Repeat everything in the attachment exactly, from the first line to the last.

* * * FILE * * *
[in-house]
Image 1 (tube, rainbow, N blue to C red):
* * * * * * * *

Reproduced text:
[in-house]
Image 1 (tube, rainbow, N blue to C red):